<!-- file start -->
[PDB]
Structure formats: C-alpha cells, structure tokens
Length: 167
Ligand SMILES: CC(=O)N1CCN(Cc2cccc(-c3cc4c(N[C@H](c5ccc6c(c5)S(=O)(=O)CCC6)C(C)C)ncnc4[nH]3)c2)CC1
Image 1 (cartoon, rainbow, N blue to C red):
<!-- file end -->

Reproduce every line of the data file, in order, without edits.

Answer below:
[PDB]
Structure formats: C-alpha cells, structure tokens
Length: 167
Ligand SMILES: CC(=O)N1CCN(Cc2cccc(-c3cc4c(N[C@H](c5ccc6c(c5)S(=O)(=O)CCC6)C(C)C)ncnc4[nH]3)c2)CC1
Image 1 (cartoon, rainbow, N blue to C red):